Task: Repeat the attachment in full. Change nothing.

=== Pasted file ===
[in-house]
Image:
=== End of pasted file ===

[in-house]
Image: